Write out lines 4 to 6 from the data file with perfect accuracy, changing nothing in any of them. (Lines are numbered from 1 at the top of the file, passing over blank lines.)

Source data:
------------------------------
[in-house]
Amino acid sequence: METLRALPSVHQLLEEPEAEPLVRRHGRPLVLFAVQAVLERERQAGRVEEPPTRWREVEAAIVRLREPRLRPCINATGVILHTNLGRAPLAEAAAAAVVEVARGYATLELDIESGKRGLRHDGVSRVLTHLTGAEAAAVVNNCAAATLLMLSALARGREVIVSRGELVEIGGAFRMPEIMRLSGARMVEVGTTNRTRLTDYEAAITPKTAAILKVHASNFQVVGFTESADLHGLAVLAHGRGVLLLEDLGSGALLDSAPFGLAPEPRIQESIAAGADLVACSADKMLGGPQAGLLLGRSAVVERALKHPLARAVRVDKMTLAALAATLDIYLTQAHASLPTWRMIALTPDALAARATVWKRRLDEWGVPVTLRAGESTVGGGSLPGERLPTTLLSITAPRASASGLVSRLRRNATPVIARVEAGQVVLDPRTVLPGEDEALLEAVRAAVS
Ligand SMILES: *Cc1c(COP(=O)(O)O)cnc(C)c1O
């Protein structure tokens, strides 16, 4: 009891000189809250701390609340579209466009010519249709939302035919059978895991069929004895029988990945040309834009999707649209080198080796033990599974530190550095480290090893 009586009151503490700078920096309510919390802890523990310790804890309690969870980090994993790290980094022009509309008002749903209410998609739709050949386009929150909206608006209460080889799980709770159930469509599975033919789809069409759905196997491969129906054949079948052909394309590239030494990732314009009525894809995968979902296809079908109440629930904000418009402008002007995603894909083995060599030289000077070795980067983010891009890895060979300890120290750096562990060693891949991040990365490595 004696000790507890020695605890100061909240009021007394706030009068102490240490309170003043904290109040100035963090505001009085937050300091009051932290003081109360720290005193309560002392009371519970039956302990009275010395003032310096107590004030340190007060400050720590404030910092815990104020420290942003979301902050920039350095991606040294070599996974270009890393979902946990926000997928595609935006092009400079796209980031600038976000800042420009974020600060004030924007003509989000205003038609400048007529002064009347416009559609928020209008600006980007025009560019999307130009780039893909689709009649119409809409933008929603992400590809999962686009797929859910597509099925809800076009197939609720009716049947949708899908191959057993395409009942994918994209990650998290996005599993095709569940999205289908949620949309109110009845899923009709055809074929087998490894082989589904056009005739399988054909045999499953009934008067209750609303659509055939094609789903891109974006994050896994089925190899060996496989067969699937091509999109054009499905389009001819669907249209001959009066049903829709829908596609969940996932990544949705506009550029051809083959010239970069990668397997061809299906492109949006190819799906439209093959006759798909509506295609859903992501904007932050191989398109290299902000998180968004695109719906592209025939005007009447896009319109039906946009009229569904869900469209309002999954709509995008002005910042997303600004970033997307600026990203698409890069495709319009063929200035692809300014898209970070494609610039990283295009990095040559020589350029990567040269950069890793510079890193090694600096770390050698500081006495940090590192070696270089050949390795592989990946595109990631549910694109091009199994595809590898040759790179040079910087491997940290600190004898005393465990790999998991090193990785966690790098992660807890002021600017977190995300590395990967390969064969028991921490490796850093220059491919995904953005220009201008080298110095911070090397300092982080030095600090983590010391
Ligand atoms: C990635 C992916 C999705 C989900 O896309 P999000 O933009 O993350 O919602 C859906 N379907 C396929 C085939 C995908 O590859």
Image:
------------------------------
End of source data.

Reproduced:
């Protein structure tokens, strides 16, 4: 009891000189809250701390609340579209466009010519249709939302035919059978895991069929004895029988990945040309834009999707649209080198080796033990599974530190550095480290090893 009586009151503490700078920096309510919390802890523990310790804890309690969870980090994993790290980094022009509309008002749903209410998609739709050949386009929150909206608006209460080889799980709770159930469509599975033919789809069409759905196997491969129906054949079948052909394309590239030494990732314009009525894809995968979902296809079908109440629930904000418009402008002007995603894909083995060599030289000077070795980067983010891009890895060979300890120290750096562990060693891949991040990365490595 004696000790507890020695605890100061909240009021007394706030009068102490240490309170003043904290109040100035963090505001009085937050300091009051932290003081109360720290005193309560002392009371519970039956302990009275010395003032310096107590004030340190007060400050720590404030910092815990104020420290942003979301902050920039350095991606040294070599996974270009890393979902946990926000997928595609935006092009400079796209980031600038976000800042420009974020600060004030924007003509989000205003038609400048007529002064009347416009559609928020209008600006980007025009560019999307130009780039893909689709009649119409809409933008929603992400590809999962686009797929859910597509099925809800076009197939609720009716049947949708899908191959057993395409009942994918994209990650998290996005599993095709569940999205289908949620949309109110009845899923009709055809074929087998490894082989589904056009005739399988054909045999499953009934008067209750609303659509055939094609789903891109974006994050896994089925190899060996496989067969699937091509999109054009499905389009001819669907249209001959009066049903829709829908596609969940996932990544949705506009550029051809083959010239970069990668397997061809299906492109949006190819799906439209093959006759798909509506295609859903992501904007932050191989398109290299902000998180968004695109719906592209025939005007009447896009319109039906946009009229569904869900469209309002999954709509995008002005910042997303600004970033997307600026990203698409890069495709319009063929200035692809300014898209970070494609610039990283295009990095040559020589350029990567040269950069890793510079890193090694600096770390050698500081006495940090590192070696270089050949390795592989990946595109990631549910694109091009199994595809590898040759790179040079910087491997940290600190004898005393465990790999998991090193990785966690790098992660807890002021600017977190995300590395990967390969064969028991921490490796850093220059491919995904953005220009201008080298110095911070090397300092982080030095600090983590010391
Ligand atoms: C990635 C992916 C999705 C989900 O896309 P999000 O933009 O993350 O919602 C859906 N379907 C396929 C085939 C995908 O590859």
Image: